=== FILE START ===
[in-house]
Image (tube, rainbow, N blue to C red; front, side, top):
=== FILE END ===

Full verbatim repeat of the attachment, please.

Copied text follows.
[in-house]
Image (tube, rainbow, N blue to C red; front, side, top):